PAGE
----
Horses are designed to lose weight through winter and put it back on in spring, but modern management means our horses are often already overweight at this time of year. Vet Lucy Grieve explains how to limit weight gain this season.

Increase movement

Once you are confident your horse is happy and healthy, a great way to burn calories is through exercise.

“Work is so overlooked in the battle against obesity,” says Lucy. “People should be doing as much with their horses as they can. Life and work can get in the way, but raising the workload in anticipation of the grass is really important. Exercise not only improves weight loss, but it also increases their metabolic rate and insulin sensitivity, which protects against weight gain and laminitis – it’s a win-win.”

How much you do depends on your individual horse.

“It’s very different between horses, but in simple terms, the more you do the better – you can’t do too much exercise with your horse so long as they are fit and sound. They are naturally athletic animals and benefit from keeping moving as is appropriate for their breed.”

Lucy advises plenty of hacking for all horses.

“It really is the best type of exercise in a way because it’s not putting a lot of strain on the joints like schooling or jumping,” she says. “It’s very natural exercise. Even if it’s an older horse, the more walking you can do, the better. You could go for two or three hours a day in walk and a bit of trot. If you struggle for time, consider asking someone to help hack your horse.”

Paddock track systems can also help increase your horse’s daily step count.

“Even if you can’t create a full track system, try spreading things out. Have the water across the field from the gate and put any hay or toys scattered elsewhere in the middle to encourage the horse to walk and move more.”

Reduce feed

Late winter and early spring are great times to reduce, or even stop, your horse’s hard feed calories, whilst continuing with a feed balancer so that his diet remains balanced.

“Don’t worry about them being a bit hungrier in the lead-up to the spring grass coming through,” explains Lucy. “People often wait for the spring proper until they change their routine and feed amounts, whereas I argue that it’s better to start doing it a bit earlier – they might even have lost a few kilograms by that point.”

The weather can play a role – very cold winters will see horses using more energy to stay warm, but in mild winters like we’ve had this year, they are probably not using as much energy to stay warm, and therefore February is a good time to start reducing your winter ration.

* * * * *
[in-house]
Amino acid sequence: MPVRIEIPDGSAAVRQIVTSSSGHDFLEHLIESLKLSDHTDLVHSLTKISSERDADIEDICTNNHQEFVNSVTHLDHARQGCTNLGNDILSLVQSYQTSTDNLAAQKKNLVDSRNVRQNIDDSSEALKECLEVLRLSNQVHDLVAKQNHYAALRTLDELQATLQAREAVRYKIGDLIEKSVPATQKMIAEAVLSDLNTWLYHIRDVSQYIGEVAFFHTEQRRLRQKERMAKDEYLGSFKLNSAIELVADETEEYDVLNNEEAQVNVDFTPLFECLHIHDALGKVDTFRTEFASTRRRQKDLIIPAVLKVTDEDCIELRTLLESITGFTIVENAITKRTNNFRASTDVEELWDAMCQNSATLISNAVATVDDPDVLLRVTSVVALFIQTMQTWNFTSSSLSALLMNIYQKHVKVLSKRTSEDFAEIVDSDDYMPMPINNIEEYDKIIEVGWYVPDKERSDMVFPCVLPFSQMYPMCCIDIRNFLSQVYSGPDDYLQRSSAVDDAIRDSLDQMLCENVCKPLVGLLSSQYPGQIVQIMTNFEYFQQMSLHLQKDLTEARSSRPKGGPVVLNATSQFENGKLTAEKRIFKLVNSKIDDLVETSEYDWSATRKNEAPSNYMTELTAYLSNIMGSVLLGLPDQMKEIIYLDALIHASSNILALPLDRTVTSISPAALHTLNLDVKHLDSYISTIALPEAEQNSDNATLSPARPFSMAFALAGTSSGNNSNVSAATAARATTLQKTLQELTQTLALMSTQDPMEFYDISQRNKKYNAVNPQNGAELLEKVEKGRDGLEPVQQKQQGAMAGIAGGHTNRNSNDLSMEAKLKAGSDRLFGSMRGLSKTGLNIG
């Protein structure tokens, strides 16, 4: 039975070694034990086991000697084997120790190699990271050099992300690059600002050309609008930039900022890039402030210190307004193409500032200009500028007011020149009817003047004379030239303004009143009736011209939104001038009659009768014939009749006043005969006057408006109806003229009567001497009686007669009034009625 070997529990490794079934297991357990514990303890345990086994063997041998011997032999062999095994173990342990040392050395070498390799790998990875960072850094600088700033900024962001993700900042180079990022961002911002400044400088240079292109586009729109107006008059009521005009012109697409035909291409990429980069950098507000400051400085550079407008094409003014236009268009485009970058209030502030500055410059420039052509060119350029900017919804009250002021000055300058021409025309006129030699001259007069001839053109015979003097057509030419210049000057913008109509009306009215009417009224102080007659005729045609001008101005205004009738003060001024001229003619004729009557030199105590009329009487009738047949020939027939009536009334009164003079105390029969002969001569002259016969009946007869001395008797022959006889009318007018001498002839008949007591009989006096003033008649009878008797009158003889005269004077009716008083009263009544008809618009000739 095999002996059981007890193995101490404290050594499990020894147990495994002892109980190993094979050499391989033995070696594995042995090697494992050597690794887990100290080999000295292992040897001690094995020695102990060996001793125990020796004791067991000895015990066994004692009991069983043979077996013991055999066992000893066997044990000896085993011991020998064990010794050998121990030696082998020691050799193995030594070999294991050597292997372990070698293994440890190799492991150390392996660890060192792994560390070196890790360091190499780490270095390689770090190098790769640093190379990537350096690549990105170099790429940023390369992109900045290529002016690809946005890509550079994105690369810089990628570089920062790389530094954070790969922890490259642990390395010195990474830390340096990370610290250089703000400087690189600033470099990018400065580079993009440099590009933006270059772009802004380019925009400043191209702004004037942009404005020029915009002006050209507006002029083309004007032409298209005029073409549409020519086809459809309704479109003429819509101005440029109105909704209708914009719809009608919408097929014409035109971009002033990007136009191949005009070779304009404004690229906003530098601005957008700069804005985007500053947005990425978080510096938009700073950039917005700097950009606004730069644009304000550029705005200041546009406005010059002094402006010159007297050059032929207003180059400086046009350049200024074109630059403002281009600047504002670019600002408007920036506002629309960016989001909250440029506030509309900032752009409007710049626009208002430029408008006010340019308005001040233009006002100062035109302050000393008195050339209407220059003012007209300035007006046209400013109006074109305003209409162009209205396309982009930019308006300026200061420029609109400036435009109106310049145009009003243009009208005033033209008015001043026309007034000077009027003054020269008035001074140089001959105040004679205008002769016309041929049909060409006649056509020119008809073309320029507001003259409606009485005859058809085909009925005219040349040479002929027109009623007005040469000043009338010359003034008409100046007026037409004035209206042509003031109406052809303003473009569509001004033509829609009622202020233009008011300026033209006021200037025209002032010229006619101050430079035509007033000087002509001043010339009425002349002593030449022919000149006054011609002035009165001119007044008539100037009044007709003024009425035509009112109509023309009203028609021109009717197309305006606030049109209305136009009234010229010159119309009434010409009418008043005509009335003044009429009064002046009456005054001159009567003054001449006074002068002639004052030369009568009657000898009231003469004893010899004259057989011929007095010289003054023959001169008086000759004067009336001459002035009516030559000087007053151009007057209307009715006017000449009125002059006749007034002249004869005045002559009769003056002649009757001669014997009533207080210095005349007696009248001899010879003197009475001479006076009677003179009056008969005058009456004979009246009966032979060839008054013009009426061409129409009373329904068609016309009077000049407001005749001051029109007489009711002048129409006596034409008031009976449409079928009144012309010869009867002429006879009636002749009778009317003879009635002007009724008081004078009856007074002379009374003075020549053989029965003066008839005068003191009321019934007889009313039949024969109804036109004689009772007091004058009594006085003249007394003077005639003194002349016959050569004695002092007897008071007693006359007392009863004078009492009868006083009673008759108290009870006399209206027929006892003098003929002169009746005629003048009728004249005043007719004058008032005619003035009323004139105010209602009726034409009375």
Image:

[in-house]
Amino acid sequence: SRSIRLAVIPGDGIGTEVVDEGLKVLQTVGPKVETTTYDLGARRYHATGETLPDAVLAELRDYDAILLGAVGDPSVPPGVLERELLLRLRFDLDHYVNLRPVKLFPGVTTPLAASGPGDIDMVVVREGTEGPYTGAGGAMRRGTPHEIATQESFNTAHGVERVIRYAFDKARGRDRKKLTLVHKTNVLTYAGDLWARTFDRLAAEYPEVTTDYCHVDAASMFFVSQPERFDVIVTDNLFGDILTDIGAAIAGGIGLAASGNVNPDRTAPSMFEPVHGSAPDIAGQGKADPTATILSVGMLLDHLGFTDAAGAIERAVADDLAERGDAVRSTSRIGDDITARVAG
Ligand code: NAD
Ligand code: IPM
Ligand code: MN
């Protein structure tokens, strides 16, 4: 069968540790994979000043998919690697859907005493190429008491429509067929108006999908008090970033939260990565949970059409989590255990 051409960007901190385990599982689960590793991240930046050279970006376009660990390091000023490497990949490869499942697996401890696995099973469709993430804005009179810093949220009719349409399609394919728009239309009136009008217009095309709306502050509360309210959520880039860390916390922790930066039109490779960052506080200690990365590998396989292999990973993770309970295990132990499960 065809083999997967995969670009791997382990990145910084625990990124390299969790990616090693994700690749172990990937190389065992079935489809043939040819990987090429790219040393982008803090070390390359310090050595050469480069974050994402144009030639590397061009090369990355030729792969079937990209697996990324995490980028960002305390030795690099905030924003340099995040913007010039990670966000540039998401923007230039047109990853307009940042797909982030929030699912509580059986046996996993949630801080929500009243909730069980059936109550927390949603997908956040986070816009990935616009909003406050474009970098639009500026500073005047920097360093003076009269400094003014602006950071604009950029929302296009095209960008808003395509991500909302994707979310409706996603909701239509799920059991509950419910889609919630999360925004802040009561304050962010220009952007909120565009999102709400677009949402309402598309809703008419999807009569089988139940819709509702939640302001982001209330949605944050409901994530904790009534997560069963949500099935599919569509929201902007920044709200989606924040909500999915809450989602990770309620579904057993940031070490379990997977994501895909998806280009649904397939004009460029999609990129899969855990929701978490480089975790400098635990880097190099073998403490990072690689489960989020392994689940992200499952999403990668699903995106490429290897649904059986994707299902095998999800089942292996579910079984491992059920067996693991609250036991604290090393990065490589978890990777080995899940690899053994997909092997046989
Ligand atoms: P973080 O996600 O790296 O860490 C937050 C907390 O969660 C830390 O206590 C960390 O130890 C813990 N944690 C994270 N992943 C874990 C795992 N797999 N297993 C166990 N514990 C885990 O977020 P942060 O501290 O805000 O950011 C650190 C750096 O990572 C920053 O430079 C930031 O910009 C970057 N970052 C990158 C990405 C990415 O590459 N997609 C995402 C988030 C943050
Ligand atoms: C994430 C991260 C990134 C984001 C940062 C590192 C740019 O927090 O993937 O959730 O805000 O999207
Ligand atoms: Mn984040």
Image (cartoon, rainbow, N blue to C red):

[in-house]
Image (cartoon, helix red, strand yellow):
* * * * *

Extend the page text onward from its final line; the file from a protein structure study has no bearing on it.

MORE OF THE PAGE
“Even taking rugs off, or putting lighter rugs on just to keep them clean, and reducing forage will make a difference,” says Lucy. “Reduce hard feed first, while keeping them on a balancer, and if they are still maintaining their weight, or putting it on, you can start to reduce the forage calories too, by feeding low-energy hay and/ or soaking it. The general rule is to feed at least 2% of their body weight in forage, but sports horses and finer breeds might need more.”

Split the ration into smaller amounts and slow down their intake.

“Trickle-feeding is key – small-holed haynets, forage feeders or hanging up small, multiple haynets around the stable to add variety so they can pick and choose are good options,” says Lucy. “You could use treat balls for any balancer/ hard feed as long as it doesn’t come out too quickly, otherwise it defeats the point.

“People worry about horses running out of hay overnight, but they naturally eat less through the night and their stomachs produce less acid, so it’s better that they have less hay at night than through the day if they are going for any periods without.”

Spring health check list

Help your horse stay a health weight this spring by:

  • Carrying out a health MOT (including discussing a Cushing’s test for older horses with your vet)
  • Having his back and tack fit checked
  • Organising a dental check up
  • Ensuring vaccines are up to date
  • Consulting with your vet over the most effective worming schedule
  • Adjusting feed
  • Reducing number/ weight of rugs used
  • Increasing exercise
  • Decreasing/ managing amount of grazing
  • Increasing exercise/ activity levels

Meet the expert: Lucy Grieve MA VetMB MRCVS is an ambulatory vet at Rossdales in Newmarket. She works with all types of horses, from happy hackers through to amateur sports horses and elite racehorses. Her main areas of interest are lameness, diagnostic imaging and poor performance, and she is passionate about maximising the welfare of the horse at all times. 

Check out our subscription offer

Find out what’s inside the latest issue of Your Horse

Get the latest issue